• Harvey Thorleifson, Chair
    Minnesota Geological Survey
  • Carrie Jennings, Vice Chair
    Minnesota Geological Survey
  • David Bush, Technical Program Chair
    University of West Georgia
  • Jim Miller, Field Trip Chair
    University of Minnesota Duluth
  • Curtis M. Hudak, Sponsorship Chair
    Foth Infrastructure & Environment, LLC


Paper No. 12
Presentation Time: 4:30 PM


KATTENHORN, Simon A., ConocoPhillips Company, 600 N. Dairy Ashford, Houston, TX 77079,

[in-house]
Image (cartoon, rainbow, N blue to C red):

Extension in the solar system may be manifested by normal faults, both on rocky planetary surfaces (Mercury, Venus, Earth, Mars, the Moon) and on the outer solar system icy moons (Ganymede, Europa, Enceladus, Dione, Rhea, Miranda, Tethys, Ariel). On the icy moons, extension may be driven by tidal forcing, nonsynchronous rotation, true polar wander, obliquity, libration, orbital recession, despinning, or ice shell thickening. On the terrestrial planets, excluding plate tectonic driving forces (Earth), extension may be driven by magmatic processes at volcanic centers, commonly manifested as radial patterns of faults that form above underlying intrusive dikes (Earth, Mars, and Venus). Impact events and subsequent basin collapse may also result in extension and normal faulting (Mars, Mercury, and the Moon), as will flexural uplift (Mercury). The prevalence of basalt on the surfaces of the terrestrial planets and the Moon, and the common association of normal faults with volcanic centers, implies that terrestrial normal faults that form in basaltic lava flows or other volcanic products provide the best analog to those on other planets. Normal faults in lava flows are typically vertical at the surface in response to the utilization of cooling joints in basalt columns as faults propagate towards the surface from below. At depth, fault dips are more typical for normal faults (60-75°). As a result, motion at depth causes dilation along the steeper portions of faults near the surface, creating gaping fissures. Fault traces are commonly flanked by hanging wall monoclines, which form by flexing at the surface above the upward-propagating fault prior to breaching of the surface. These monoclines may accommodate a significant portion of the fault throw, although they become passive features after the fault breaches the surface and may ultimately collapse to form a pile of rubble along the fault trace. Examples of such fault geometries are described from basalts in Iceland and California, and may be useful analogs for Martian faults in particular (e.g., Tharsis, Elysium, Hellas), given the observation of columnar basalts on Mars. Although icy moons do not contain analogous columnar features, the prevalence of true tension at the surface, combined with low tensile strength of ice, may promote dilational fault development.
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